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Vince
2005-Mar-02, 09:46 AM
Why do we send rubish from the space station back to earth, to burn up
in the atmosphere, why not give it a push and send it in to the sun? B)

eburacum45
2005-Mar-02, 12:03 PM
To get something to burn up in the Earth's atmosphere only needs a small orbital adjustment- you only need to ensure that the object intercepts the very top of the atmosphere for a short time and it will be slowed down. This slowing means the object will intercept even more of the atmosphere next time- slowing down the object- rubbish, what have you- very cheaply.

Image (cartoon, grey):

This is called aerobraking, and is the cheapest way to change obit sufficiently to re-enter. Most re-entering satellites burn up causing almost exactly zero environmental impact.

On the other hand it is very difficult to get to the Sun; an object has to escape the Earth's gravity, then slow down from the Earth's orbital speed to almost zero before it can reach the Sun. In fact the Sun is one of the most difficult places in the solar system to reach- to demonstrate this, consider the Mercury Messenger mission;
this probe will flyby the Earth once, Venus twice, and Mercury itself (at speed) before it finally gets to the inner planet. This shows just how difficult it is to plot a mission to the vicinity of the Sun.